Weeks after the smoke has cleared from the wildfires in the Texas Panhandle, the Texas A&M Veterinary Medical Diagnostic Laboratory is alerting livestock owners to watch their surviving livestock for respiratory issues.

a single cow stands in a field with a smoke-filled background
Smoke from the wildfires that crossed the Texas Panhandle recently could leave livestock and other animals with respiratory issues. (Sam Craft/Texas A&M AgriLife)

Alexis Thompson, DVM, Ph.D., DACVPM, veterinary diagnostician at the Texas A&M Veterinary Medical Diagnostic Laboratory in Canyon, said the diagnostic lab expects to see an uptick in samples from livestock that were near the flames or smoke from the wildfires.

“Those on the ground are now reporting respiratory signs such as heavy breathing and wet coughs from cattle,” Thompson said. “Smoke has a high concentration of fine particulate matter, which can lead to respiratory irritation in animals, as well as humans.

“I suspect in the coming weeks we will have a lot of people asking questions on infectious causes of bovine respiratory disease. There will be a lot of secondary bacterial infections in cattle’s lungs because of damage from smoke inhalation, which can also spread throughout the body and lead to lethargy, weakness and an elevated temperature.”

Effects on livestock long after the fires are gone

The warm to hot air from wildfires can lead to damage in the respiratory tract as well, Thompson said. The combination of these factors can damage the integrity of the respiratory lining and lead to fluid in the lungs, also known as pulmonary edema.

the nose of a Hereford calf is blackened from ash, soot and smoke after the wildfires
Black ash and soot from the Smokehouse Creek Fire could affect many cattle that survived the flames. (Sam Craft/Texas A&M AgriLife)

Cattle with pulmonary edema can have an increased respiratory rate and effort. Some may have wet coughs and serous discharge from their nose that ranges from clear to yellow to light pink.

Thompson said antimicrobials will not help with the initial damage but may help prevent secondary bacterial infections. However, she expects the secondary wave of mortalities will likely stem from this.

“Unlike in human medicine, our medical interventions for cattle with smoke inhalation are limited, and euthanasia may be the best option for many of them,” she said.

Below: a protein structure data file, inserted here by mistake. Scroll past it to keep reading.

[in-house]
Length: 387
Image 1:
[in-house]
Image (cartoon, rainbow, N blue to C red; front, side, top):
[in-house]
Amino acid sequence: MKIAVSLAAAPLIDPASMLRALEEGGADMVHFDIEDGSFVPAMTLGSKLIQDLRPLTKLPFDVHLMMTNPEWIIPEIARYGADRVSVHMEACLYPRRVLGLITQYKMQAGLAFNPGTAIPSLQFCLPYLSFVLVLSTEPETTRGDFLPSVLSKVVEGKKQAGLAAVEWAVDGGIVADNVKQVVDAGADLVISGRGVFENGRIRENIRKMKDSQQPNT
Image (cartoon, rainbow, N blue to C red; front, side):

All animals — cattle, horses, chickens, companion animals — can be affected by smoke inhalation and may show similar signs. More treatments are available for horses and companion animals than cattle and poultry.

“Our poultry can get inflammation in their air sacks and lungs, which can result in coughing and difficult breathing,” Thompson said. “Respiratory disease in poultry is also a sign of avian influenza, which is a prevailing issue in the U.S. It is strongly recommended that poultry with respiratory signs be tested for avian influenza from a public health standpoint.”

Wildfire research on livestock

According to a Beef Quality Assurance, BQA, publication based on a study of the California fires, indirect losses were primarily associated with smoke inhalation and included cases of pneumonia and reproductive losses, such as reduced conception, low birthweight, rare abortions, poor weight gain and drops in milk production.

Another consideration, the study said, is the stress from evacuations or confinement following the fire.

The BQA program recommends when monitoring cattle, pay attention to signs of respiratory irritation such as coughing, fast or heavy breathing, and general signs of illness such as droopy ears or discharge from nose or eyes.

Reducing exercise or movement during these periods will help the animals recover more quickly, as wildfire smoke and higher temperatures can cause increased respiratory rates and the inhalation of more harmful particulates.

Low-stress handling and good stockmanship are more important during times when air quality is poor. Constant and clean water sources for proper hydration are key because they will help the immune system, minimize the effects of heat, and help clear respiratory airways.

TVMDL provides diagnostic testing

Thompson said TVMDL offers diagnostic testing and can make sampling recommendations, but generally recommends people work with their veterinarians first and foremost.

She said sensitivity tests of bacterial cultures can help in antimicrobial selection for all species. As people treat animals for burns, sampling wounds can guide the antimicrobial selection to help prevent secondary infections that burn victims are at risk for.

“For antimicrobials, we always recommend that people work with their veterinarians,” Thompson said. “This is especially important for our food animals to maintain a healthy and safe food supply. I have been in contact with most of the veterinarians in the area, and they are up and running.”

TVMDL also conducts testing on insured cattle and horses that have died, if a necropsy or post-mortem evaluation needs to be submitted for insurance purposes for an official cause of death.

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